At 6:35 a.m. (after doing quick interviews for the 6:30 a.m. live news feeds) we took the baton from the Westport to Bridgeport runners and headed off the Milford. When I say “we,” I’m not using the royal “we.” For Stage 316 there were 15 runners of all abilities and walks of life making the trek. We made the decision to run to together and pass both the baton and American flag among all of the runners as we covered the route. We could not have had a more beautiful morning for the run. When we left it was about 50 degrees and the sun was rising over the Long Island Sound (the film crews got some great shots of us running into the rising sun). The route itself was fairly flat and make for very comfortable running. The best part was the support we received along the route. Motorist and pedestrians waved, honked and voiced their support. Rather than getting pissed off that their commute was delayed, the people we encountered seemed happy to see us.
The best part of the run was the feeling of being part of something bigger. Running is an individual sport. Yes, you can train with others. Yes, you can be a member of a club or a team. When it comes to racing, however, its really you, your head, your legs and the clock all alone out there. Its easy to get caught up in the sometime selfish and self centered mindset that surrounds pursing new goals, new distance and new PRs. When running for ORFB, its not at all about the individual, its about something bigger. I tend to get caught up in my head a lot and this was a great way to get out of my own way and just enjoy running for the sake of running.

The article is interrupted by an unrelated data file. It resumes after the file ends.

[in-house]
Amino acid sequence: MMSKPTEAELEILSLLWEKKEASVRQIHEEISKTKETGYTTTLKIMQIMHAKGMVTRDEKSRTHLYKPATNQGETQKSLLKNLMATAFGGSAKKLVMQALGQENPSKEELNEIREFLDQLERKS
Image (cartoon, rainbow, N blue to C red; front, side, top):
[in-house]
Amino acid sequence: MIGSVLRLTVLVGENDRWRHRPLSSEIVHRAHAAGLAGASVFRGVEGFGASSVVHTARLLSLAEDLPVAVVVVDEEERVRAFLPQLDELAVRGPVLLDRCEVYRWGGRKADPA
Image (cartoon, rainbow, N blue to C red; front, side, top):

The miles passed by very quickly (its strange sometimes how slow miles can feel so much quicker than fast miles given the right mindset). Just past the Milford Hospital we were greet with cowbells and cheer, met with Stage 317 and handed off the baton (the picture below is of both Stage 316 and 317 at the hand off point).
After hugs, crying and lots of pictures, Stage 317 set off to New Haven (check out Carina with the baton and the awesome Sonic Endurance visor). Less than 24 hours after our stage, the baton entered Massachusetts and by Sunday afternoon made its way to the Boston Marathon finish line on Boyleston Street. Its amazing to think that how over 2,000 runners came together, not only to raise money, but run the width of the third largest country in the world (check out NBC Nightly News’ feature on ORFB here, they wrap up the relay really well and you can see me running 8 seconds into the clip). I am believer that if you are going dream, dream big. I think this is just a fantastic example of dreaming big and shows that a single person (or small group of people) can do something absolutely amazing.
PS – One final shot of Danny in the sparkly red skirt.